hear. I hope this is the

beginning of a longer

conversation. Thank you so

much for coming in and talking

to us. An absolute pleasure.

Thank you. The price of compute

equipment is expected to rise

due to massive flooding in

Thailand which has wiped out

more and Amar Kerr of the world's hard drive production.

Thailand is a centre for high-tech manufacturing and the

floods have inundated industrial estates around

Bangkok which makes computer,

camera and automotive parts.

It will take months to repair

the damage. The ABC's

South-East Asia correspondent

Zoe Daniel reports. It was a

desk pretty fight. The army,

the staff, the volunteers, all

working together to protect

factories and livelihoods. But

in the end, it was a battle

lost. A series of industrial

estates to the north of Bangkok

gave way to the force of water.

Micro-electronics company Hana

has producing 15 million units

per day the. Their products

used cameras computers and

phones among other things.

Chief Executive Richard Han

says since the flood output is

down to 1 million. The main

factory at Ayutthaya stripped

and sub merged. . These are

very heavy pieces of equipment

arranging between 800 kilos and

two tonnes which had to be

hoisted out on to a raft and

sailed out of the industrial

estate and put on truck and

driven down here in the road

which itself was flooded.

Extraordinary surreal

exercise. The worst monsoon in

decade has flooded thousands of

factories. About 700,000 jobs

are lost. Has vowed to keep

all its staff but continuing to

operate has been a logistical

nightmare. This is a business

where cleanliness is very

important. You're in a

situation where you're loading

machines and got forklift

trucks coming around and you're trying to keep the place clean.

It is a very difficult

situation. Ordinarily, it is

like working in a hospital with

workers walking around with mud

deboots. It may take a year to

get back to full production.

As a rough guide, I think by

the middle of next year we

could running at 50 to 60%. 7

to 8 million units a day. Then

over the course of the second

half of next year, we could

ramp-up. I really believe that

some of my customers will not

bring all the business back

because they've had to move it

to my competitors, to be

honest. Analysts expect a

shortage of key computer components will push prices up

in the short term because the

floods have wiped about 30% of

global hard drive supply. In

total I think it is hurt a bit.

I think in the future maybe

they locate some production to

other country to re dues the

risk of flooding. Are Toshiba

and Western Digital. They

together hold 45% of the mobile

device market. Western Digital

makes 60% of its product at two

Thai factories, both of which

have shut down. It is expected

that shortages related to their

lack of production will kick in

early next year and could

increase prices by more than

10% until supplies get back to

normal. That will take three

to six months at least. As

water recedes, you can see just

how destructive this flooding

has been. Around me are drums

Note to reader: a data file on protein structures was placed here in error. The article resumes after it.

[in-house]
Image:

of chemicals, various forms of packaging, electronic

componentses and medical

supplies. All pushed here by

the force of the water which at

its peak was about the height

of me. Already computer

manufacturer Dell has put out a

price warning due to the impact

of the flooding. Former Gunns

chairman John Gay will face

court next month on charges of insider trading, the

insider trading, the

68-year-old will appear in

court in Launceston on two

counting of an incider

dispossessing of irs shares.

They relate to Mr Gay selling

3. 4 million Gunns shares in

November 2009. The value of

shares dropped 20 cents to 70

cents when the half-yearly

result was made public two months later. Mr Gay stood

down as chairman in May last

year. Gunns shares fell 10%

today finishing the day at 17

cents. A look at tomorrow's

business diary. Glenn Stevens

addresses the Australian

economist economist annual conference Bin dinner. There

are AGMs for Woolies, good mean

maelder Macquarie Airports and

guns. David Jones has first

quarter sales. Overseas there

are Q3 GDP figures for Germany

aufnlt K while in the US

Thursday is a public holiday

for Thanksgiving. Before we go

a look at what's making

business news in overseas newspapers. The Wall Street Journal highlights meetings

between the US Federal Reserve anarchy Wall Street figures

ahead of major announcements.

It says some investment man

guess get legal access to the

Fed's thinking allowing them to

front run the market. 'The

Financial Times' says the

world's biggest oil tanker

operator frontline has warned

it will run out of cash early

next year as a slowing global

economy hits shipping profits.

The Norwegian listed company is

in talks with its larger

shareholder about a cash

injection before the end of the year. Britain's 'Daily

Telegraph' says markets are

dashed any hopes after investor

houn man for Spain's incoming

leader sending shares in Madrid

crashing. That's all for

tonight. You can watch

'Lateline Business' Monday to

Thursday at 8.30 each night on

ABC News 24 as well as after

Lateline on ABC1. I'm Ticky

Fullerton, thank you for

watching. Good night. Closed Captions by CSI

The South Pacific is, on the face of it, still a healthy ocean.

We depend on it. Over 60% of the world's fish catch comes from the Pacific. But like all oceans, it has little or no protection, so it may not stay healthy much longer.